All this talk about expansion is very interesting. Who do we protect? Who do we have to give up ? What trades should we make? Should we trade our picks or keep them because they are protected in expansion draft ?
Instead of expansion, we should be talking about contracting.
There are a number of teams in the NHL whose markets simply cannot sustain a team:
- Why do we still have a team called the Islanders in the NHL ? They have had bad attendance for years. Their numbers simply do not support them having a team, and their move to Brooklyn has only made that problem worse.
- How about Florida? Not Tampa Bay, but Miami. Tampa actually does fairly well attendance-wise; Miami, on the other hand, does not. Florida is notorious for being a tough market for all pro sports, not just those played on ice. You know the old saying “build a winner and they will come”? Well in Florida you know it’s not going to last. They built a near-winner and the moment the team slowed down, the fans stopped showing up.
- What can we say about Arizona? Nothing that hasn’t already been said about that market. How about Carolina? What about Columbus?
These teams I have mentioned are all regularly at the bottom of the league attendance averages for the last number of years.
Why do we keep them around ?
I do not know a valid reason aside from the cost to buy out these owners and perception. I think the far bigger deal is perception to the owners and commissioner. Questions surrounding contraction include: When do “Major” leagues contract teams? How will our advertisers look at us? What will Media say about us?
Most of the US doesn’t regard the NHL as a “major” league. It is commonly known as a league that has regional followings across the nation. Currently most of what I see from the US media (that isn’t exclusively hockey media) isn’t positive about the NHL anyhow. Maybe, just maybe, they would be more positive if the product was better.
Would contraction help this? Absolutely.
I decided to look into attendance numbers of the last team that relocated which was the Atlanta Thrashers.
I noticed a trend in Atlanta numbers, they actually drew a decent amount of fans for a few years and then started a downward slide. Just for a base number I added up and then averaged the attendance figures
The 3 year period before the Thrashers moved to Winnipeg was 13,901 and their 6 year average was 15,874 now this is purely my opinion but If the NHL is relocating a team to a market that currently has a Maximum capacity of 15,294 anything that exceeds that number must be acceptable. Alternatively anything below that number could be on notice. Essentially I am using Winnipeg Attendance as acceptable or unacceptable. There are 5 teams that have struggled over the last few years attendance wise.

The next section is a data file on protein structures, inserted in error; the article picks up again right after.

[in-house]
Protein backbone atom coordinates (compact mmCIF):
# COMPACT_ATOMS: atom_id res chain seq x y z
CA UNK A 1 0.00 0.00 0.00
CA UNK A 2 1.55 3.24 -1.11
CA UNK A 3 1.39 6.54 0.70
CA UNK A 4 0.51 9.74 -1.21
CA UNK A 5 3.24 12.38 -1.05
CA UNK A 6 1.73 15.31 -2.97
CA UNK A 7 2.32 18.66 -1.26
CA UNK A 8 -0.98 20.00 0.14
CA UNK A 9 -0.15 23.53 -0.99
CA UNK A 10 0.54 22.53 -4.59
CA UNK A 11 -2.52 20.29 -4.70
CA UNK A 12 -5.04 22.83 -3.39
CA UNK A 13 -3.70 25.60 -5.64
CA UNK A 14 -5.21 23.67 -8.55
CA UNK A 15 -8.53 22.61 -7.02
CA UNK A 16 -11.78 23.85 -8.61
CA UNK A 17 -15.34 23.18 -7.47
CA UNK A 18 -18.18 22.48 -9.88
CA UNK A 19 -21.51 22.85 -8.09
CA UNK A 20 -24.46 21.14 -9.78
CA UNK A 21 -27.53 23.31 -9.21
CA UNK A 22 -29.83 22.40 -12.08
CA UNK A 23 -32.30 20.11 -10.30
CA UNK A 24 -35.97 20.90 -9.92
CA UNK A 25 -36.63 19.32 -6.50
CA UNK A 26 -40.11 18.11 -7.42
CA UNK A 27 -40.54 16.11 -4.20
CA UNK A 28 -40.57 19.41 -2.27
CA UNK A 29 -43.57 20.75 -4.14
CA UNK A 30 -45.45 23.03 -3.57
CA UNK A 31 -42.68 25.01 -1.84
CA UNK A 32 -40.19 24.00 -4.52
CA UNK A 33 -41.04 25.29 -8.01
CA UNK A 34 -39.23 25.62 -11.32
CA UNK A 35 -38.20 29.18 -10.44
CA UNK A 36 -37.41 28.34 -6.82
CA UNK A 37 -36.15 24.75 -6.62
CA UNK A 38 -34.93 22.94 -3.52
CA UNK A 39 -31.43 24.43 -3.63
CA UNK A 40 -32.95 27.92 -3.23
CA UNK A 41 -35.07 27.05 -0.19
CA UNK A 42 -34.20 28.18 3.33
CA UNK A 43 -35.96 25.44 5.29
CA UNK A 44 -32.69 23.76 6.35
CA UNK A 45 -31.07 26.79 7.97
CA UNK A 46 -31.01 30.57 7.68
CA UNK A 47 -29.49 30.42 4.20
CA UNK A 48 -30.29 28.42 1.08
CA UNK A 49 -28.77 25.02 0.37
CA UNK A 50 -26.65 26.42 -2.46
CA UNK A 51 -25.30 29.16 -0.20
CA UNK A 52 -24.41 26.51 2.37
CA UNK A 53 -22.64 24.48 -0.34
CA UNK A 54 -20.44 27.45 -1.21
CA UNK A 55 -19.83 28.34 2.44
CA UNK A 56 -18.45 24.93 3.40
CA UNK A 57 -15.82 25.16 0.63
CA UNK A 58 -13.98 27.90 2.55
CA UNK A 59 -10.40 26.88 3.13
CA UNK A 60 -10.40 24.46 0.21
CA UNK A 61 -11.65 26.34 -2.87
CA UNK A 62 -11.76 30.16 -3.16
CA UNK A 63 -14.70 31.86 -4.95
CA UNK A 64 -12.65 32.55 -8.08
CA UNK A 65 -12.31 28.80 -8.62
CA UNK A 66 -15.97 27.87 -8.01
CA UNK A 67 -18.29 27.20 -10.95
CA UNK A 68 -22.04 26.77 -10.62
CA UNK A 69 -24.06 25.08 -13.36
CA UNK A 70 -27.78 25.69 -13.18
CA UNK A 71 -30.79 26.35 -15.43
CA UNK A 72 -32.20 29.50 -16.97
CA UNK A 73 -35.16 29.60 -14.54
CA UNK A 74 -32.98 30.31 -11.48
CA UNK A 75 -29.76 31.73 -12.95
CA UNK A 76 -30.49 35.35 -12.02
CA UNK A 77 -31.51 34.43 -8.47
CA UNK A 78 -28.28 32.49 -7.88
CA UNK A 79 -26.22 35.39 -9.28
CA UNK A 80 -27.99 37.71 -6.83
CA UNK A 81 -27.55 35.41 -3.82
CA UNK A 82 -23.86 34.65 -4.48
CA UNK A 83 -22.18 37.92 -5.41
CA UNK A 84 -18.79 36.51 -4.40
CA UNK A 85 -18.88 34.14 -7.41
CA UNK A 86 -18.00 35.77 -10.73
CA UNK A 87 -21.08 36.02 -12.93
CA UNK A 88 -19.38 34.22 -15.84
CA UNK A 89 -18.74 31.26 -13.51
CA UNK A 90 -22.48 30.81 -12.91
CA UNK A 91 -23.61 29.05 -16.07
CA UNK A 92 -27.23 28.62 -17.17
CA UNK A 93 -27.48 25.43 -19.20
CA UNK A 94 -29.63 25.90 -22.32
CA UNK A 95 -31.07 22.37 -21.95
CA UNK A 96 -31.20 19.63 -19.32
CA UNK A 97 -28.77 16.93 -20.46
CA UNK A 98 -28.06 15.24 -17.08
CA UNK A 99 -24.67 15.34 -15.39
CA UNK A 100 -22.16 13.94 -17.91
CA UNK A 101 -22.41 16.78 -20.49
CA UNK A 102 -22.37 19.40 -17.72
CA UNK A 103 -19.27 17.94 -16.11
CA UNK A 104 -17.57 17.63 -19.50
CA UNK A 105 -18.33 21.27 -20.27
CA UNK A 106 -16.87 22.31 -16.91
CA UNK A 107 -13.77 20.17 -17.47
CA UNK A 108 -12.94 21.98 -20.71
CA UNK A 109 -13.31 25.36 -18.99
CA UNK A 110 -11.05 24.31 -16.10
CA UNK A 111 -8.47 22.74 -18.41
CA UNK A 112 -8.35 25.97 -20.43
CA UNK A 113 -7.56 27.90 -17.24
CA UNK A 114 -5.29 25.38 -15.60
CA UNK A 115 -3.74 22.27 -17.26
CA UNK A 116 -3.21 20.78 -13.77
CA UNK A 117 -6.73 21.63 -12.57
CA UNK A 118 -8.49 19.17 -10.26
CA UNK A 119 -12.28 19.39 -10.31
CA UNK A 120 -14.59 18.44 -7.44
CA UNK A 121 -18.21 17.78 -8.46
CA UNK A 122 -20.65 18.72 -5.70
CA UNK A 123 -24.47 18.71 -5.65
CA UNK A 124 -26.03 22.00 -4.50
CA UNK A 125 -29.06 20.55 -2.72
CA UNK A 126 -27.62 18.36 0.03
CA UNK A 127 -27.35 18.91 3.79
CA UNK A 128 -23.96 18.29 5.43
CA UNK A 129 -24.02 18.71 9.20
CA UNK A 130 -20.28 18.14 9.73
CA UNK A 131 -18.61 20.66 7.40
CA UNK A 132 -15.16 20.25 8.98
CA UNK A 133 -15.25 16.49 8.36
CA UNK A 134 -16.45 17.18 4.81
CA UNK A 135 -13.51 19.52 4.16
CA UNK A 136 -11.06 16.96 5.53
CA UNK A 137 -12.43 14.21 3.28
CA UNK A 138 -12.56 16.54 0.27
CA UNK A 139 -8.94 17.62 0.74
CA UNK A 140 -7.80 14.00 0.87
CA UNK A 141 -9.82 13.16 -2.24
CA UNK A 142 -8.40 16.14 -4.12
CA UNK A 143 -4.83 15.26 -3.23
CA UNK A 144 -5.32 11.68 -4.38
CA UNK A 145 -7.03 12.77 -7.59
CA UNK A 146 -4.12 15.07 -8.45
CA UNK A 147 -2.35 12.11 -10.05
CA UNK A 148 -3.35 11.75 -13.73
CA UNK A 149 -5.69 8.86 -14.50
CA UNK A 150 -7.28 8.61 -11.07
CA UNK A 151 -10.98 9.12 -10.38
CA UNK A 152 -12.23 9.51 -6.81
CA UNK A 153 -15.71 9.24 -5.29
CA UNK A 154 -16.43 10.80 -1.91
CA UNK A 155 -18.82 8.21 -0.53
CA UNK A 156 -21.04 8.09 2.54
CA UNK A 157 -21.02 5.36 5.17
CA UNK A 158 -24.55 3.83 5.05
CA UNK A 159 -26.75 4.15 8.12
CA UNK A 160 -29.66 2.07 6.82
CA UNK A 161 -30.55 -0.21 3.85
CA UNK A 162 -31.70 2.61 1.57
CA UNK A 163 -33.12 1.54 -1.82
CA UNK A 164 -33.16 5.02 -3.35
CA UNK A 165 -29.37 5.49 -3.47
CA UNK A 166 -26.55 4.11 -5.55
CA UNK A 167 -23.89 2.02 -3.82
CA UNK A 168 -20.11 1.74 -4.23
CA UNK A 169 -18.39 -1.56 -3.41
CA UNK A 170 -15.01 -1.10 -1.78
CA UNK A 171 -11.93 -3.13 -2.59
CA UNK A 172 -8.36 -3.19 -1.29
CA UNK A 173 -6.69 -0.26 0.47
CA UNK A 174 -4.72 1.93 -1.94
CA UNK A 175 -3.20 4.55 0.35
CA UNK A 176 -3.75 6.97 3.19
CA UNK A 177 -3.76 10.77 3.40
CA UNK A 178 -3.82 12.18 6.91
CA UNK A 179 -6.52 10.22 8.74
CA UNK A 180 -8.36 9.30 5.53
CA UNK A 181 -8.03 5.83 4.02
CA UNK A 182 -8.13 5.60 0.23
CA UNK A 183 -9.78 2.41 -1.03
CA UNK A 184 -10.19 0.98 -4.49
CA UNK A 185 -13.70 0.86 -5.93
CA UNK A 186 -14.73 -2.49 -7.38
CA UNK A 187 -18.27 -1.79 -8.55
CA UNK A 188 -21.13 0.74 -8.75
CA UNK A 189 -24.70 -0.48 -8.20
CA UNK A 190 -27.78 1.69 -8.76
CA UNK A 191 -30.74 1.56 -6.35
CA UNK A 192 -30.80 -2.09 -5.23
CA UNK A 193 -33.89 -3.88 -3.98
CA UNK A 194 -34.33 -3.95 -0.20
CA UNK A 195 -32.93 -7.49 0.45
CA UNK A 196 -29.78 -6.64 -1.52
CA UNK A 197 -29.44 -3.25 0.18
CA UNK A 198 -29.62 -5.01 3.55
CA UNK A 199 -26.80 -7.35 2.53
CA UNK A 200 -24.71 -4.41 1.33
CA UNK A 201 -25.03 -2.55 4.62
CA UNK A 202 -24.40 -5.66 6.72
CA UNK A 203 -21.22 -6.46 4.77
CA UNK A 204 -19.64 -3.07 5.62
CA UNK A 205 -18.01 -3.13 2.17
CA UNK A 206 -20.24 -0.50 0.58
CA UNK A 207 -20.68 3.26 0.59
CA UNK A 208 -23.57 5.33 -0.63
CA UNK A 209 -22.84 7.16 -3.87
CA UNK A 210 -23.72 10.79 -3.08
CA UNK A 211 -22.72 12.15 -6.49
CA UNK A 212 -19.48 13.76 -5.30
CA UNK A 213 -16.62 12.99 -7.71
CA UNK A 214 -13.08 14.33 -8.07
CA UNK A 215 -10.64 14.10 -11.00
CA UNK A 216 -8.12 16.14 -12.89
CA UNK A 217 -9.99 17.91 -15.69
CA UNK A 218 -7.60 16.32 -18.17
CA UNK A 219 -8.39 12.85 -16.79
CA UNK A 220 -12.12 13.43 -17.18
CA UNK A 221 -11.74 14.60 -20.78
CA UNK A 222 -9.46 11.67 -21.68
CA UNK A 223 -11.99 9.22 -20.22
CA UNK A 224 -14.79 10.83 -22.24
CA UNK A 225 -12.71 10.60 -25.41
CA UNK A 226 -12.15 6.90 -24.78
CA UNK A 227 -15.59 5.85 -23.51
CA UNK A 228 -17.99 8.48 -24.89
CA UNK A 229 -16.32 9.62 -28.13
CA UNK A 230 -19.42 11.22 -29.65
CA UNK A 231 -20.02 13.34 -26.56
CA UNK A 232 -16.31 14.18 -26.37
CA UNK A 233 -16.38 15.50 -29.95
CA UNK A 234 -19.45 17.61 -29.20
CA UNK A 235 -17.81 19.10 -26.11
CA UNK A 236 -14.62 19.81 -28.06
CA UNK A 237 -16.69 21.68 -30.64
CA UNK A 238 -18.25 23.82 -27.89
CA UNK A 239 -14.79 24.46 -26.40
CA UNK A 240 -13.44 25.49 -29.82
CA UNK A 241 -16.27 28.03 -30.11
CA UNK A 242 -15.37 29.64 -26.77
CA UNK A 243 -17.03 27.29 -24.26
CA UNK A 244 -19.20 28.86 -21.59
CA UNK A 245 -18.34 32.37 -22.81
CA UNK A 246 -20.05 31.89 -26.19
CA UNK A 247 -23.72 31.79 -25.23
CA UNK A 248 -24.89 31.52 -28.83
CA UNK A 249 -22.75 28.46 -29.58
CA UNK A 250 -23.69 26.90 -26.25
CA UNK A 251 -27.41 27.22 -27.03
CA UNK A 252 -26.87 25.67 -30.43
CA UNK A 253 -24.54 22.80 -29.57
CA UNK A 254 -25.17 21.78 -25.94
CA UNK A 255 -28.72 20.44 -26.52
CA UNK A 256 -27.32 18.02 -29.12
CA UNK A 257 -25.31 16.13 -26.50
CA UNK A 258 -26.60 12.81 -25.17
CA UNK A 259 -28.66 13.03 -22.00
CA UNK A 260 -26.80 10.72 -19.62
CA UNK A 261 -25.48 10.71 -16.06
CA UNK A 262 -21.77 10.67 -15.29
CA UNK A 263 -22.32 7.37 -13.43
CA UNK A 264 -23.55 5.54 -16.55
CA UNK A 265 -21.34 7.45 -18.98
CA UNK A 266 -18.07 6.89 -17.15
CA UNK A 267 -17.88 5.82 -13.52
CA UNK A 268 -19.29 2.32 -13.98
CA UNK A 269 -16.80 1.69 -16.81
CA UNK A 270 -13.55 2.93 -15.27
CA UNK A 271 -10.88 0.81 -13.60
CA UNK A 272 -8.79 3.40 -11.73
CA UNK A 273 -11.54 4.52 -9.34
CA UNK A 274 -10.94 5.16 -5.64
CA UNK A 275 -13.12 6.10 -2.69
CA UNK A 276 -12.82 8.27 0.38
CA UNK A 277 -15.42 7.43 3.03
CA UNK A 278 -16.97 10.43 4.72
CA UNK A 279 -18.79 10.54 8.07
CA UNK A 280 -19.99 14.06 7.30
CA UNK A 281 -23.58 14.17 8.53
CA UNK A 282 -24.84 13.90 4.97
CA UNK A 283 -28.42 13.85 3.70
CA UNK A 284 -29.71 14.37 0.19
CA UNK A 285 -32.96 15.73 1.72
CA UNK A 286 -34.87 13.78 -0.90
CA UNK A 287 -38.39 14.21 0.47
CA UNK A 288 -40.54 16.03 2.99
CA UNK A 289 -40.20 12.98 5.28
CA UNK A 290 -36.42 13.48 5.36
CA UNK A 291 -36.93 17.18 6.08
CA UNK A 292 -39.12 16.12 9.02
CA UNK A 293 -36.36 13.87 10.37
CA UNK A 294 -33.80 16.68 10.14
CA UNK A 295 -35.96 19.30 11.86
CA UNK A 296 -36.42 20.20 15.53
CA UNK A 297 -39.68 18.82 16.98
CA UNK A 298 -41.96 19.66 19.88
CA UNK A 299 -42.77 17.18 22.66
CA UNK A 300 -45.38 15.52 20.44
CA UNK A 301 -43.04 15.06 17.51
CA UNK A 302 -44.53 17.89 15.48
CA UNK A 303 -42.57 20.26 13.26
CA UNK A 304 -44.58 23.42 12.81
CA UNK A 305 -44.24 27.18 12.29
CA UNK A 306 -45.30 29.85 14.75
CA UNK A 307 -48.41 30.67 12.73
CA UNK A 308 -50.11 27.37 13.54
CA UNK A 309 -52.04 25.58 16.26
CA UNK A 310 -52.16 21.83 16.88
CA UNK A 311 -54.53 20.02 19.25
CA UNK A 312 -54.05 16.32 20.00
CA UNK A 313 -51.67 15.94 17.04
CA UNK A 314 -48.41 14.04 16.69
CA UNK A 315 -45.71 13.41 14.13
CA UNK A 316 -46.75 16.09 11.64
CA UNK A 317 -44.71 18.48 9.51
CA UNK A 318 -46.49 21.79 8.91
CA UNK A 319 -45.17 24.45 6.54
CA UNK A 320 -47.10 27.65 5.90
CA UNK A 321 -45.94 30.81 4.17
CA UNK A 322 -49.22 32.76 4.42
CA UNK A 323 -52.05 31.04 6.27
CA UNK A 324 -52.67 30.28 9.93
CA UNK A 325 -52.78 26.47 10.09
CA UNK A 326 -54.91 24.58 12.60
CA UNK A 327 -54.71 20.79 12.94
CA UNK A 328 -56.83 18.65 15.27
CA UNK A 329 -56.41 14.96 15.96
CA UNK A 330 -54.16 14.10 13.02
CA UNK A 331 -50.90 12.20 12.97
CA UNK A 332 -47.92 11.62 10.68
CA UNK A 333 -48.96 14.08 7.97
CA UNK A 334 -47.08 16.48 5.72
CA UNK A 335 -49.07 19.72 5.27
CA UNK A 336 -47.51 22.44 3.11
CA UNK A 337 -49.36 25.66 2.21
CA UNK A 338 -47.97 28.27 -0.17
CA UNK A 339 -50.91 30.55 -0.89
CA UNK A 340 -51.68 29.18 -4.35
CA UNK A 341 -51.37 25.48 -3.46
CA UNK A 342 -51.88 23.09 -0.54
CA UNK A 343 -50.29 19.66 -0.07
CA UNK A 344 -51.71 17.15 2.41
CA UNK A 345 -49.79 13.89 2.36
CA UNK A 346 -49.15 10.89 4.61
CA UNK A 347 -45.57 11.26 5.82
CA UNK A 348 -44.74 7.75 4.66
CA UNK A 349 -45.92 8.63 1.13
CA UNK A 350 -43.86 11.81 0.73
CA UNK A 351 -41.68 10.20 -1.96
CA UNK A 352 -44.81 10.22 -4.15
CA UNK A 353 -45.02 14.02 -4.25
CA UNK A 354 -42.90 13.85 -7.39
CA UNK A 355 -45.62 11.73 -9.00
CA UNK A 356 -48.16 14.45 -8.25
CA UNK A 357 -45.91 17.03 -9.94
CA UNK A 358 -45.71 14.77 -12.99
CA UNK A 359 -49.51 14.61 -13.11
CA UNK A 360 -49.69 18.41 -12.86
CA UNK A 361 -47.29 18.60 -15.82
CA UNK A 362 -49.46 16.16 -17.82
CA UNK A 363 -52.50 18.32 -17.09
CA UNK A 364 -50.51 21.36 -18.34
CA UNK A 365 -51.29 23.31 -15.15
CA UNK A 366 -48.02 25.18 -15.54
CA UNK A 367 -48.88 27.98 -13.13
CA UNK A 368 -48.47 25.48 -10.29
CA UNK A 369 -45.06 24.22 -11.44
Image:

|Last 3 year average|
|New York Islanders||14,567|
All 5 of these teams should be on notice, drawing consistently below 15, 000 should be unacceptable. Carolina now has its owner getting sued by his children, which should make the commissioner very antsy. Columbus and New York have much longer track records of having poor attendance, their last 10 years is very poor and the Islanders should have been relocated or contracted long ago, and not just relocated to Brooklyn.
Attendance figures provided by ESPN
How would I like to see contraction work?
Let’s do away with 2 teams and move one team to Quebec City. Here’s my suggestion:
New York Islanders move to Quebec.
Then we contract Arizona & Florida, but since the Commissioner seems to hell bent on making the Desert a go lets contract Carolina. The Arizona market seems to be Gary Bettmans “legacy” move.
Are the conferences still uneven? Yes, but maybe within a couple years Columbus moves to Seattle or Vegas if things don’t improve for them.
Quebec would have to buy the team and then pay a “relocation fee”. The NHL would then use this fee to buyout one of Carolina or Florida. Let’s say this would be about $200 Million, give or take a few. The NHL would have to buy out the other team for the same price, which would cost each remaining owner roughly $7.4 Million. This would really hurt a few teams in the short term but it would be for long term gain.
Now we would have a draft from the contracted players. Between Florida and Carolina, there’s quite the collection of talent potentially available in a contraction draft: Ekblad, Barkov, Faulk, Lindholm, Trochek, Hanifin, Huberdeau, Staal…. the list goes on.
The depth of every other organization would be at least 2 players better. Could the Oilers add a 2nd line player for just money? Absolutely. Running through the list of draft picks and players these organizations have, the idea of contraction becomes even more enticing. All of a sudden our 2nd D pair is that much better.
League-wide, the hockey would be more exciting because the level of play would be better. The fans would benefit and enjoy the game more, and would be more likely to spend more money on a better product. The advertisers would still be interested, maybe even to a greater degree because the game is actually better.
Will it happen?
Honestly, I don’t see it actually happening. The players (specifically the NHLPA) don’t want to lose all those jobs so they would fight it. The Owners are too blinded by $500 million expansion fees and fears of perception that it probably never even enters their minds.
I cannot see it happening at all but expansion also doesn’t make sense to me. I want better hockey played in fewer markets that actually love and appreciate the game.